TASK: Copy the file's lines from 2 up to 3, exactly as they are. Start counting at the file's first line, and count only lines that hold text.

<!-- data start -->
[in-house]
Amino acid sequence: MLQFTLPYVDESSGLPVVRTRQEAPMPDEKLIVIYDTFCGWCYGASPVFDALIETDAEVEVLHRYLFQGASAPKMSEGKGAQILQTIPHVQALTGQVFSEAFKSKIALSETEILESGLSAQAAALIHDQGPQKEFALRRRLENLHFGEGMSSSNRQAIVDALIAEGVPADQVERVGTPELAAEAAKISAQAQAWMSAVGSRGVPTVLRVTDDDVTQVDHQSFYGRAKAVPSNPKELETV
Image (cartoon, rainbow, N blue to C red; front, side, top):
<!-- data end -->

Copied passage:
Amino acid sequence: MLQFTLPYVDESSGLPVVRTRQEAPMPDEKLIVIYDTFCGWCYGASPVFDALIETDAEVEVLHRYLFQGASAPKMSEGKGAQILQTIPHVQALTGQVFSEAFKSKIALSETEILESGLSAQAAALIHDQGPQKEFALRRRLENLHFGEGMSSSNRQAIVDALIAEGVPADQVERVGTPELAAEAAKISAQAQAWMSAVGSRGVPTVLRVTDDDVTQVDHQSFYGRAKAVPSNPKELETV
Image (cartoon, rainbow, N blue to C red; front, side, top):